'Syria's Killing Fields' Wins First Place NPPA BOP 2013


Niclas Hammarstrom
April 24, 2013 - Kontinent Photographer Niclas Hammarstrom won first place in the Non-Traditional Photojournalism Publishing NPPA Best of Photjournalism 2013 (BOP) for his photographs of the Dar al Shifaa hospital in Aleppo on the rebel side during Syria's conflict: ''Syria's Killing Fields.'' The Photo story zReportage.com Story of the Week # 449 - launched November 27, 2012 - Go To www.zReportage.com/zReportage.html?num=zrep449 to see picture story: At the Dar al Shifaa hospital in Aleppo, an endangered safe haven on the rebel side of the ancient city, doctors scrambled to keep up with the wounded: And in a split second, a Syrian government airstrike eviscerated the building. An incoming air attack sent hospital workers, nearby civilians and several rebel fighters scrambling for cover. With a deafening boom, boulders of concrete were sent hurtling through the air, and the inside of the hospital descended into pitch-black confusion, as moans and panicked cries could be heard through a suffocating, thick cloud of dust. (Credit Image: © Niclas Hammarstrom/Kontinent/zReportage/ZUMA)


Will Seberger
Arizona's First Congressional District is home to approximately 710,000 people scattered over a land mass only a few thousand square miles smaller than the entire state of Wisconsin; making it one of the largest Congressional districts in any state with more than two Representatives. Without regard for economic and social background, a bulk of the district relies on the Federal government for housing and medical assistance. Its constituents range from impoverished Native People on several tribal reservations to affluent, predominantly out-of-state, retirees living in exclusive communities outside Tucson. The area of the 48th state is home to more Native Americans than any other district in the United States.
Rhythm and Hue


Renee C. Byer
''Painting and dancing aren’t my fortes, so I can’t even picture how hard it would be to do these at the same time.'' Yet this is exactly what performance painter David Garibaldi is famous for. Garibaldi, the 28-year-old artist known for his ability to create giant portraits of pop icons in minutes through his body movement and brushes while communicating via music to audiences. “When people see it for the first time, they don’t understand what I’m going to do,” Garibaldi admitted. “They’re like, 'What’s going on? He’s throwing paint. It looks like a blob.’ Then at the end, they get it.”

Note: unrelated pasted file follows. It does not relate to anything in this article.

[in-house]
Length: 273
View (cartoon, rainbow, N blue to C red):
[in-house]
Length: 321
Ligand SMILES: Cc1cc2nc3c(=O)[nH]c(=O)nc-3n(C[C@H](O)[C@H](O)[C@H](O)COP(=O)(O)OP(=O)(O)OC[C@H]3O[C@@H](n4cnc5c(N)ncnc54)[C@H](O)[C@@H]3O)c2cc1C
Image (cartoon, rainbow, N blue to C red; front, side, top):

Russia's New Wave


Jacob Zocherman
Camp Seliger was traditionally a home base for pro-Kremlin youth groups. The spirit of rebellion stirring Russia stretches into the Seliger youth camp, an annual Kremlin-backed event that has long been known as a training ground for truculent Putin loyalists. This year's camp, struck a different chord. Organizers encouraged opposition activists to take part, and cultivated an edgy vibe symbolized by a new logo designed by graffiti artist Banksy. But many question whether Seliger's makeover is an attempt to constructively engage the opposition or co-opt a movement that severely rattled President Vladimir Putin with a wave of huge demonstrations over the past year.
Shrinking Sea


Rick Sforza
It was once hailed as a 'miracle in the desert'. Now the Salton Sea is an ecological disaster. California's largest lake looks like an ocean, covering about 375 sq miles and is home to many migrating birds. But the inland sea is saltier than the Pacific Ocean and is slowly dying from its own salinity. The Salton Sea is in a state of wild flux with fish and bird die-offs of unfathomable proportions. The towns that line its shore today suffer some of the highest unemployment rates. A shrinking Salton Sea could expose its toxic-coated bottom to wind storms, posing a major air pollution hazard. This inland sea is the newest battle in the US water wars, and without action, the sea will disappear. Saving it could cost billions of dollars.. it could cost more to do nothing.
Sacred Mountain Under Threat


Pat Vasquez-Cunningham